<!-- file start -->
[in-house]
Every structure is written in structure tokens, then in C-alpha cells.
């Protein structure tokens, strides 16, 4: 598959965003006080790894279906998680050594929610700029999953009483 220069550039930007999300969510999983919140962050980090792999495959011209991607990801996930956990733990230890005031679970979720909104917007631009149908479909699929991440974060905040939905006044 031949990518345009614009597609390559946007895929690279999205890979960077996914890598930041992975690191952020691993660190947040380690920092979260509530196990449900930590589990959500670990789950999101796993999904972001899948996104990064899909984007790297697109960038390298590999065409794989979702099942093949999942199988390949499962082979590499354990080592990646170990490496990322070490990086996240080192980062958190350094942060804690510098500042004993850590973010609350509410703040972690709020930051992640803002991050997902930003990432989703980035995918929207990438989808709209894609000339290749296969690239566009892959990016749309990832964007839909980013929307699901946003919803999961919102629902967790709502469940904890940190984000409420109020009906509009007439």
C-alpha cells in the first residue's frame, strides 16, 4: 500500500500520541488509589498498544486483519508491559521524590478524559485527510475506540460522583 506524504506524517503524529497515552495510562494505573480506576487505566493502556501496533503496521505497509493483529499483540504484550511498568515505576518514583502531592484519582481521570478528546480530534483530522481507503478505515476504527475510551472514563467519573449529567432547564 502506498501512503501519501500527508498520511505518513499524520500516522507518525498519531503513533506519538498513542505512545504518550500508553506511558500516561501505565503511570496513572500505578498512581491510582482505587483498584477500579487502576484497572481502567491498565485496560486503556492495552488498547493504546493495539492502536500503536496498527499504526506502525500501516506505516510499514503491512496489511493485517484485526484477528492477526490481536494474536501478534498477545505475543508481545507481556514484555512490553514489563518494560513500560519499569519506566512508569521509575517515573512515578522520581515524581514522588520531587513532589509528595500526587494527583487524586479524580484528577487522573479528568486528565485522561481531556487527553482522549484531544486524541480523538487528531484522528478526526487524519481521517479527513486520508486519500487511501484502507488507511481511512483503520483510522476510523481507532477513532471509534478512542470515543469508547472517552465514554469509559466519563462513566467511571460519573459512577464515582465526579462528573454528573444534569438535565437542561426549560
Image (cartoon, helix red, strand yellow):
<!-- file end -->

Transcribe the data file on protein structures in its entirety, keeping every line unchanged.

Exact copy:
[in-house]
Every structure is written in structure tokens, then in C-alpha cells.
């Protein structure tokens, strides 16, 4: 598959965003006080790894279906998680050594929610700029999953009483 220069550039930007999300969510999983919140962050980090792999495959011209991607990801996930956990733990230890005031679970979720909104917007631009149908479909699929991440974060905040939905006044 031949990518345009614009597609390559946007895929690279999205890979960077996914890598930041992975690191952020691993660190947040380690920092979260509530196990449900930590589990959500670990789950999101796993999904972001899948996104990064899909984007790297697109960038390298590999065409794989979702099942093949999942199988390949499962082979590499354990080592990646170990490496990322070490990086996240080192980062958190350094942060804690510098500042004993850590973010609350509410703040972690709020930051992640803002991050997902930003990432989703980035995918929207990438989808709209894609000339290749296969690239566009892959990016749309990832964007839909980013929307699901946003919803999961919102629902967790709502469940904890940190984000409420109020009906509009007439």
C-alpha cells in the first residue's frame, strides 16, 4: 500500500500520541488509589498498544486483519508491559521524590478524559485527510475506540460522583 506524504506524517503524529497515552495510562494505573480506576487505566493502556501496533503496521505497509493483529499483540504484550511498568515505576518514583502531592484519582481521570478528546480530534483530522481507503478505515476504527475510551472514563467519573449529567432547564 502506498501512503501519501500527508498520511505518513499524520500516522507518525498519531503513533506519538498513542505512545504518550500508553506511558500516561501505565503511570496513572500505578498512581491510582482505587483498584477500579487502576484497572481502567491498565485496560486503556492495552488498547493504546493495539492502536500503536496498527499504526506502525500501516506505516510499514503491512496489511493485517484485526484477528492477526490481536494474536501478534498477545505475543508481545507481556514484555512490553514489563518494560513500560519499569519506566512508569521509575517515573512515578522520581515524581514522588520531587513532589509528595500526587494527583487524586479524580484528577487522573479528568486528565485522561481531556487527553482522549484531544486524541480523538487528531484522528478526526487524519481521517479527513486520508486519500487511501484502507488507511481511512483503520483510522476510523481507532477513532471509534478512542470515543469508547472517552465514554469509559466519563462513566467511571460519573459512577464515582465526579462528573454528573444534569438535565437542561426549560
Image (cartoon, helix red, strand yellow):